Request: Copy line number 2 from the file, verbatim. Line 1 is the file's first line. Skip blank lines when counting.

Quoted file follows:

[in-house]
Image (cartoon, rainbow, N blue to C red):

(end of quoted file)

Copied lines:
Image (cartoon, rainbow, N blue to C red):